There’s another element to the customer review mentality. For some people, admitting they bought a lesser product is a shameful offense, so they’ll defend their purchase to the death. Their tent may be leaking, busted, and giving them a rash every night, but they’d rather say it’s the best tent ever than concede to their $2,000 gaff. And there are plenty of people who will never be happy with any product. You have to know how to read between the lines and when to dismiss a suspicious review. My suggestion is to ask for an opinion from someone you know and trust.
Shop the service, not just the product.
Even the best manufacturers make mistakes. How a particular company provides service to their customer is as important as the product itself. In the many years I’ve spent evaluating tents and products of all kinds, I have interacted with company representatives so dedicated to customer satisfaction they deserve an award. Others are less eager to please the consumer, or frankly, lack the resources to do so despite good intentions. Time in business is no indicator of good service, but it is telling. Buying a tent from the brand-new and unknown ACME Tent Company is always going to come with risks. When things go pear-shaped, you can’t be too surprised.
Attack of the clones.
Twenty years ago there weren’t many choices for roof top tents, particularly in the hard shell segment. With the growing popularity of overlanding and car camping in general, more than a dozen new brands have popped up in the last 5 years. Many of these new tents, or should I say nearly all of them, come from the same few factories in Asia. Now, before we dive willingly into that rabbit hole, let’s still the air on one particular point.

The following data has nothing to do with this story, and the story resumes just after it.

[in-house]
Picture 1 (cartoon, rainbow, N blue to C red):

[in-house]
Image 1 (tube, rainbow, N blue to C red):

Products made in Asia, as is true for products made anywhere, have just as much chance of being superb as they do lousy. Factories will make what they’re asked to make, for better or worse.
In the case of roof top tents, it’s not uncommon for one factory to make tents wearing a number of different brand labels. This creates some confusion. Some will suggest that just because two tents originate from the same factory, they are identical. While that’s often the case, it is not always true. Even if they are identical clones, it’s important to factor in the label on the tent and the customer support behind it. I suggest buying the tent with the better brand reputation as who knows if company XYZ will even be around if you need warranty or repair assistance.
Ready to pull the trigger?
If you think you are ready to dive into roof top living, it might be worth the time to see your options in the flesh. This used to be a tough thing to do, but with overland expositions cropping up all over the country, the best opportunity to get your hands on a tent before buying is to attend one of these shows. In some cases, you can make the purchase on the spot and drive home with your new toy.
Do your homework well and chances are you’ll end up with the best product for your individual needs. The best part of roof top tent ownership? Your car is more or less always ready for an adventure. Just toss some supplies in the back of your rig and hit the road. – CN